For many of us we are adjusting from the last 9 weeks of social distancing. I personally have been working from home and at times feels like Groundhog Day. However, today is 5.29 day and I thought I would share some ideas on saving for a brighter future.
A 529 plan is a college savings vehicle for parents, grandparents, and anyone else who wants to help pay for a beneficiary’s college education. There are two types of 529 plans: prepaid tuition plans and education savings plans. Prepaid tuition plans allow the account owner to pay in advance for tuition at designated colleges and universities, locking in at today’s cost. Savings plans grow tax-deferred and withdrawals are tax free when used for qualified education expenses
According to savingforcollege.com here are the top 7 benefits of a 529 plan:
- 529 plans offer unsurpassed income tax breaks.
- Although contributions are not deductible, earnings in a 529 plan grow federal tax-free and will not be taxed when the money is taken out to pay for college. As of January 1, 2018, tax-free withdrawals may also include up to $10,000 in tuition expenses for private, public or religious elementary and secondary schools (per year, per beneficiary), and in 2019 student loan payments and costs of apprenticeship programs were added as qualified education expenses.
- Other savings vehicles, such as mutual funds, will give up a portion of their earnings to annual income taxes and also get hit with a capital gains tax at withdrawal.
- This has been a huge incentive for Americans to save for college. The tax treatment was made permanent with the Pension Protection Act of 2006.
- Your own state may offer tax breaks as well.
- In addition to the federal tax savings, over 30 states currently offer a full or partial tax deduction or credit for 529 plan contributions.
- You can generally claim state tax benefits each year you contribute to your 529 plan, so it’s a smart idea to continue making deposits until you’ve paid your last tuition bill.
- Be sure to research all of your options. If your state doesn’t offer benefits for residents, you can choose any other state’s plan.
- You, the donor, stay in control of the account.
- With few exceptions, the named beneficiary has no legal rights to the funds in a 529 account, so you can assure the money will be used for its intended purpose.
- This differs from custodial accounts under UGMA/UTMA, where the child takes control of the assets once he or she reaches legal age.
- A 529 account owner can withdraw funds at any time for any reason – but keep in mind that the earnings portion of non-qualified withdrawals will incur income tax and an additional 10% penalty tax.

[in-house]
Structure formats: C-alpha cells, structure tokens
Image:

- Low maintenance.
- A 529 plan is a very hands-off way to save for education
- Most plans allow you to ‘set it and forget it’ with automatic investments that link to your bank account or payroll deduction plans.
- The ongoing investment management of the account is handled by an outside investment company hired as the program manager or by the state treasurer’s office.
- Simplified tax reporting.
- Contributions to a 529 plan do not have to be reported on your federal tax return.
- You won’t receive a Form 1099 to report taxable or nontaxable earnings until the year you make withdrawals.
- In 2020, deposits to a 529 plan up to $15,000 per individual per year ($30,000 for married couples filing jointly) will qualify for the annual gift tax exclusion.
- You can change your 529 plan investment options twice per calendar year.
- You can rollover your funds into another 529 plan one time in a 12-month period.
- Hint: There is no federal limit on the frequency of these changes if you replace the account beneficiary with another qualifying family member at the same time.
- Everyone is eligible to take advantage of a 529 plan.
- Unlike Roth IRAs and Coverdell Education Savings Accounts, 529 plans have no income limits, age limits, or annual contribution limits.
- There are lifetime contribution limits, which vary by plan, ranging from $235,000 – $520,000.
- Those looking to reduce estate taxes can elect to treat a 529 plan contribution of between $15,000 and $75,000 as if it were made over a five calendar-year period to qualify for the annual gift tax exclusion.
There are several strategies to help plan for the next generation. Every child is unique and so is their path to an education and the skills required to be successful. I am a believer that the earlier you start, even if it’s small, the better off you will be.